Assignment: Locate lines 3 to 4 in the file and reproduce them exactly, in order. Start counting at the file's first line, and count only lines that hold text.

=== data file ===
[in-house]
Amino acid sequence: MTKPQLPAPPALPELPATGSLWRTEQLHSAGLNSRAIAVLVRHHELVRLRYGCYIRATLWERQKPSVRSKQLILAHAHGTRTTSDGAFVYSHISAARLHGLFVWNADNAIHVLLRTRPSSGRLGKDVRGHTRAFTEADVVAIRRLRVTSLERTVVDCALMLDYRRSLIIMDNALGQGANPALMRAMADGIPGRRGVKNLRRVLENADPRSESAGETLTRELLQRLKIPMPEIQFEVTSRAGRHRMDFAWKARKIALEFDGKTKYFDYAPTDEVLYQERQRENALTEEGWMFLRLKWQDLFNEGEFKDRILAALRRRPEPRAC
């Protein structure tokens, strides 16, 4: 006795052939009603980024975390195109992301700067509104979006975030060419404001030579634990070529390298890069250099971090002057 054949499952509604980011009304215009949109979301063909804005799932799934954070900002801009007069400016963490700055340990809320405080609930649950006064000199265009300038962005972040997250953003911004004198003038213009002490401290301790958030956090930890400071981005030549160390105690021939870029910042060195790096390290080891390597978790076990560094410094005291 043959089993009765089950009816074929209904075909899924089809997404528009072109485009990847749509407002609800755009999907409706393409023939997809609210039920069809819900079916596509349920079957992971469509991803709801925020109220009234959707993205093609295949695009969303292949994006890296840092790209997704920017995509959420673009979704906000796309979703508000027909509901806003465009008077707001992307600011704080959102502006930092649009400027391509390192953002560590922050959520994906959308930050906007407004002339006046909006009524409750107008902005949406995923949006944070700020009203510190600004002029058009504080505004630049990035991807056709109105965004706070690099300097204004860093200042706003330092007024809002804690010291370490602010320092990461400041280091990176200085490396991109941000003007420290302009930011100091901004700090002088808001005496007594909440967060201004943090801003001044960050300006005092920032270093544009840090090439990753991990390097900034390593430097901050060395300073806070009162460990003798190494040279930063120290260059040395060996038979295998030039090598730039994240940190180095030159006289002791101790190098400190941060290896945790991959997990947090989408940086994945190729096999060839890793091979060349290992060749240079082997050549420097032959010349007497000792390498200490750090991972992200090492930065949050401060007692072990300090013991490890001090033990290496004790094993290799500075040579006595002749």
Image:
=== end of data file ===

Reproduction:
């Protein structure tokens, strides 16, 4: 006795052939009603980024975390195109992301700067509104979006975030060419404001030579634990070529390298890069250099971090002057 054949499952509604980011009304215009949109979301063909804005799932799934954070900002801009007069400016963490700055340990809320405080609930649950006064000199265009300038962005972040997250953003911004004198003038213009002490401290301790958030956090930890400071981005030549160390105690021939870029910042060195790096390290080891390597978790076990560094410094005291 043959089993009765089950009816074929209904075909899924089809997404528009072109485009990847749509407002609800755009999907409706393409023939997809609210039920069809819900079916596509349920079957992971469509991803709801925020109220009234959707993205093609295949695009969303292949994006890296840092790209997704920017995509959420673009979704906000796309979703508000027909509901806003465009008077707001992307600011704080959102502006930092649009400027391509390192953002560590922050959520994906959308930050906007407004002339006046909006009524409750107008902005949406995923949006944070700020009203510190600004002029058009504080505004630049990035991807056709109105965004706070690099300097204004860093200042706003330092007024809002804690010291370490602010320092990461400041280091990176200085490396991109941000003007420290302009930011100091901004700090002088808001005496007594909440967060201004943090801003001044960050300006005092920032270093544009840090090439990753991990390097900034390593430097901050060395300073806070009162460990003798190494040279930063120290260059040395060996038979295998030039090598730039994240940190180095030159006289002791101790190098400190941060290896945790991959997990947090989408940086994945190729096999060839890793091979060349290992060749240079082997050549420097032959010349007497000792390498200490750090991972992200090492930065949050401060007692072990300090013991490890001090033990290496004790094993290799500075040579006595002749």
Image: